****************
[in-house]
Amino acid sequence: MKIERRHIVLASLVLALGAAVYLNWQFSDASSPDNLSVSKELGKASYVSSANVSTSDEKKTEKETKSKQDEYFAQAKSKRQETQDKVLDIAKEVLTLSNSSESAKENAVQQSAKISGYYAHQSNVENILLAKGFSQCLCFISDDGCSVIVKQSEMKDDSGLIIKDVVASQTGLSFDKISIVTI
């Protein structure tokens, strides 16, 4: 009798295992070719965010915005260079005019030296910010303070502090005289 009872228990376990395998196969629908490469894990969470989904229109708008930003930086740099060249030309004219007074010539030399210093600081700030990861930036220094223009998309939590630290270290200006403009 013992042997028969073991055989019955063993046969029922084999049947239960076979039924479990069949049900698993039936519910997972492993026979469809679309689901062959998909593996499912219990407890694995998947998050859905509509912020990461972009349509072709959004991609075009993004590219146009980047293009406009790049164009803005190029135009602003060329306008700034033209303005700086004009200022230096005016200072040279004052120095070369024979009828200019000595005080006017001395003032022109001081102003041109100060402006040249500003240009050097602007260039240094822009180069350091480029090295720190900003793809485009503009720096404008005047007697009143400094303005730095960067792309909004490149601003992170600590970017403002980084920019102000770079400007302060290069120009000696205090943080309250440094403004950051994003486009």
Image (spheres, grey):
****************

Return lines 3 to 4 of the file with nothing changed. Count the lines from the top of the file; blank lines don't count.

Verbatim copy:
């Protein structure tokens, strides 16, 4: 009798295992070719965010915005260079005019030296910010303070502090005289 009872228990376990395998196969629908490469894990969470989904229109708008930003930086740099060249030309004219007074010539030399210093600081700030990861930036220094223009998309939590630290270290200006403009 013992042997028969073991055989019955063993046969029922084999049947239960076979039924479990069949049900698993039936519910997972492993026979469809679309689901062959998909593996499912219990407890694995998947998050859905509509912020990461972009349509072709959004991609075009993004590219146009980047293009406009790049164009803005190029135009602003060329306008700034033209303005700086004009200022230096005016200072040279004052120095070369024979009828200019000595005080006017001395003032022109001081102003041109100060402006040249500003240009050097602007260039240094822009180069350091480029090295720190900003793809485009503009720096404008005047007697009143400094303005730095960067792309909004490149601003992170600590970017403002980084920019102000770079400007302060290069120009000696205090943080309250440094403004950051994003486009």
Image (spheres, grey):